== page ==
Oct 5, 2016

Nobel Physics Prize winners: All you need to know about mugs, donuts and quantum computing

Posted by in categories: computing, mathematics, quantum physics

Stockholm: The Nobel Physics prize was the second of the awards to be given away, on Tuesday, to a Birtish trio — scientists David Thouless, Duncan Haldane and Michael Kosterlitz for revealing the secrets of exotic matter.

Thouless, 82, is professor emeritus at the University of Washington in Seattle. Haldane, 65, is a professor at Princeton University, and Kosterlitz, born in 1942, teaches at Brown University in Providence, Rhode Island. The laureates will share the eight million Swedish kronor (around $931,000 or 834,000 euros) prize sum. Thouless won one-half of the prize, while Haldane and Hosterlitz share the other half.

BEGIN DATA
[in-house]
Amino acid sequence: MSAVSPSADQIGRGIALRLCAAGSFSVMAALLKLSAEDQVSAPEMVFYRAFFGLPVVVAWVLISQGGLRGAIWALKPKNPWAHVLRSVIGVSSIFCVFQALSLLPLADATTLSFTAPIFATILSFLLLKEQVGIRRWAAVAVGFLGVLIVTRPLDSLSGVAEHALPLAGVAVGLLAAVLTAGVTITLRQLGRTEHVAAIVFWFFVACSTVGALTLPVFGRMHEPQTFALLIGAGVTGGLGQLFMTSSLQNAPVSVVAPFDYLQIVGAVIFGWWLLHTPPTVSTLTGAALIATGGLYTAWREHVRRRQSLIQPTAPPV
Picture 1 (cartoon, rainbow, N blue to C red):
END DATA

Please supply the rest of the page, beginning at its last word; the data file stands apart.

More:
“This year’s laureates opened the door on an unknown world where matter can assume strange states. They have used advanced mathematical methods to study unusual phases, or states, of matter, such as superconductors, superfluids or thin magnetic films. Thanks to their pioneering work, the hunt is now on for new and exotic phases of matter,” said the Nobel jury.

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